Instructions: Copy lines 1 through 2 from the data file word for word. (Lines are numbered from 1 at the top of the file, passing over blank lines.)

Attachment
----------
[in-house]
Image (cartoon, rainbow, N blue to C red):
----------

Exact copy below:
[in-house]
Image (cartoon, rainbow, N blue to C red):